MYTH NO. 9: Biosolids contaminants are tightly bound to soil and do not become bioavailable. According to Rufus Chaney, “You can put enough heavy metals in the soil to kill the crop but that crop is still safe for human consumption.” (Source: USDA xvii )

FACT: EPA and the USDA buried studies demonstrating heavy metals in biosolids exceeding current levels permitted by EPA caused liver and kidney damage in farm animals grazing on fields treated with biosolids. xviii After EPA promulgated the current sludge rule in 1992, it worked with the Water Environment Federation to establish the “National Biosolids Public Acceptance Campaign.” EPA’s Office of Inspector General investigated EPA’s efforts to silence Dr. David Lewis, one of its top scientists who documented adverse health effects, and concluded that EPA could not assure the public that land application of biosolids is safe. xix

MYTH NO. 10: US sludge regulations that govern the land application of biosolids (40 CFR Part 503) are completely protective, based on science and valid risk assessment models. (Source: NEBRA xx )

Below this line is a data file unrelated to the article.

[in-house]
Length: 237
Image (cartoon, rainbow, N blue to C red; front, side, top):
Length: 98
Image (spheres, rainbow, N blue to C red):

FACT: A 1999 Cornell Waste Management Institute paper concluded that the 503s do not protect human health, agriculture, or the environment. xxi The 503s regulate only nine metals plus inorganic nutrients (N, P). Even though industry can legally discharge any amount of hazardous waste into sewage treatment plants, the rules are based on chemical-by-chemical risk assessment which ignores the effects of mixtures and interactions. The 2002 NRC biosolids panel recognized this andconcluded that u201cis not possible to conduct a risk assessment for biosolids at this time (or perhaps ever) that will lead to risk-management strategies that will provide adequate health protection without some form of ongoing monitoring and surveillance . . . the degree of uncertainty requires some form of active health and environmental tracking. xxii